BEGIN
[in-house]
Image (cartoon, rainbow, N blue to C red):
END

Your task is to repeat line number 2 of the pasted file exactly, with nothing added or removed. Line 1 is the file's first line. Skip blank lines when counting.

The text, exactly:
Image (cartoon, rainbow, N blue to C red):